Dedicated gaming monitors are about demanding performance above everything else, this also means coughing up a lot of dough for the privilege of gaining that edge; in that respect the advantages seldom seem justifiable to most, let alone attainable if you’ve been dreaming of pulling the trigger. Fortunately, the idea of affordable benchmark displays have not gone unheard and the BenQ RL2460HT 24″ Gaming Monitor easily fits in any mainstream rig at a comparative bargain.
If beauty is in the eye of the beholder then the styling could be considered gorgeous in terms of function. With a thick bezel done all in black matte the only thing that stands out is a red accent on the round base, which also happens to employ a Lazy Susan swivel design. The stand provides up to 4.4 inches of height adjustment with a visible scale for reference, while the mounting arm itself can be used to tilt the monitor 20° and pivot 90° for both horizontal (landscape) or vertical (portrait) orientation. Finally, the RL2460HT is VESA-compliant and wall mountable for clean installs, if you prefer a more permanent look.
On the right side are the expected function and power buttons for changing settings with on-screen display (OSD) labeling, there isn’t much to say other than it’s logical and helps when navigating through menus – another trait typically reserved for business monitors. Connectivity in the rear is also accounted for with two HDMI inputs, one HDMI output, DVI-DL, and VGA inputs, and you also wouldn’t realize it but there are embedded speakers with line-in and headphone jacks that’s delivered in a flat, and otherwise forgettable manner.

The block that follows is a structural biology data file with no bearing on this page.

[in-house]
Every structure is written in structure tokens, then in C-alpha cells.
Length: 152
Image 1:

The RL2460HT looks solid out of the box, even before touching the various settings that include an Instant Mode for input lag correction, AMA for gray level response enhancement, and a Low Blue Light option that reduces exposure and eases potential eye fatigue. With initial impressions there was little to complain about with luscious and saturated hues seen throughout The Lego Movie, contrasted by the heavy darks and grays seen in Godzilla (2014).
Essentially, many will want that ideal image and a fair number of picture presets help somewhat. With nine choices (standard/movie/photo/sRGB/Eco (energy saving)/RTS1/RTS2/Fighting/FPS) that are supposed to replicate the real-world game environments, but is hit-or-miss depending on what your eyes are already accustomed to. Aside from the option of making up to three personal user presets, we largely stuck with sRGB while RTS1 and Standard modes were the next best fallbacks that were accurate enough without a dim or overly contrasted image.
Despite the RL2460HT only having a 1920×1080 60 Hz Twisted Nematic (TN) panel, games such as Wolfenstein: The New Order, Call of Duty: Black Ops II, and the Type-X² coin-op of Super Street Fighter IV: Arcade Edition all benefited from minimal motion blur and 1-millisecond pixel response. The action is smooth and negligibly lag-free but mediocre off-center viewing angles, occasional grayscale clipping, and a tendency to produce slightly misaligned red and cyan tints (a trait which is also common for many TN displays) are the trade-offs here. Admittedly, some of these issues are actually so minor that they don’t affect image and color detail in the long run – even a quick CalMAN rundown shown almost spot-on color chart results to help back up those claims.
Also unique is the single HDMI output that allows uninterrupted gameplay streams after the feed goes through the monitor itself, eliminating the delay associated with video recorders or linked monitors; this is something of a godsend if you’re into making YouTube videos or impromptu game nights of DotA. It’s a nice rarity that usually comes at a premium and even then is reserved for only a few specialty displays that cost hundreds more.
Truth be told, the BenQ RL2460HT isn’t the sleekest display around but it is a great option aimed for those with budgeted aspirations. The entire package provides respectable picture quality, rich colors, and continues to deliver with fast pixel response for almost anything you throw at it. Of course, the viewing angles could be improved and some of the built-in advanced picture presets aren’t as remarkable as I would have liked, but there’s plenty to work with if you decide to tweak things to your liking. Overall, it’s definitely an Editors’ Choice pick if you need mid-size performance without totally breaking the bank.